People have a weak spot for animals. Admit it, you do too, if you are a pet owner. Being a pet owner can be a wonderful experience. And having a puppy, regardless of the breed can be rewarding, because they take away your stress after a very tiring day. However, there is so much more to getting them than just looking forward to play time in the front yard. You may also see Contract Templates.
If you are a movie fan, you surely remember them and their heroic feats with their masters. Some breed of puppies may not be as bold when they grow to be dogs but they can be just as sweet and loyal. When you decide to buy one from a breeder or a pet shop, there’s one simple thing you can do to avoid issues and problems in the future. Get it in writing, which means you should have a sales contract with the following elements:
1. Health: The seller should set out any health problems the dog has or may have, as well as guarantee that the puppy is otherwise in good health. Has the dog been taken to the vet? Are you going to be able to return it in a couple of weeks or get a reimbursement for your vet bills if the vet finds something wrong with the puppy or say that it needs treatment? Those are the questions you need to ask.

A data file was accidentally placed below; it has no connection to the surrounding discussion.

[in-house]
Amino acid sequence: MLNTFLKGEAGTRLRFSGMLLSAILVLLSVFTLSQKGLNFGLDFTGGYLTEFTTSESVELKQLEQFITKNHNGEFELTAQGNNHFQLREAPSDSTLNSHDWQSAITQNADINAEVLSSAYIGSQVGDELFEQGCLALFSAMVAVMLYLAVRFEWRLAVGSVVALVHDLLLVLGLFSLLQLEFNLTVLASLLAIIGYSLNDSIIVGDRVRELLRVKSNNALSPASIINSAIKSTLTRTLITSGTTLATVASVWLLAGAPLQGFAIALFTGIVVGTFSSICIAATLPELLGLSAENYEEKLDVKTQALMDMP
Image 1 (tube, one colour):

2. Vaccinations: If you’re the seller, write down the vaccinations the dog has completed and the date they were given. While you’re at it, indicate other vaccinations the dog should have and when they should be done. Also provide the name of the veterinarian or clinic that gave the vaccination in case you need documentation, which is usually the case when it’s time to get a dog license.
3. Training: If you want a puppy with the intention of training it for a specific purpose such as obedience to its master, some pretty impressive tricks for competition or for hunting, you should ask for a paperwork indicating the extent of training the puppy has had or whether or not it can be trained.
4. Pedigree: Some people are very particular about the breed and a puppy’s lineage. In this case, you can attach a copy of a document stating the parent’s pedigrees on the contract.
5. Quality: If the dog is purebred but of only “pet quality”, this isn’t up to the competition in dog shows. It needs to be specified well in the contract.
6. Price: Cost typically differ by breed but the contract should also spell out whether or not the price includes vaccinations, or spay and neutering.
7. Warranties: As a seller, what kind of guarantee can you make for the puppy?
No matter how reliable you think the person you’re doing business with is, in any transaction that involves money, it is very important to spell out understanding on both sides. A written contract protects both parties and ensures that they have the same understanding of the sale being made. Here are a few steps to help you draft your puppy contract or improve the one you might already have: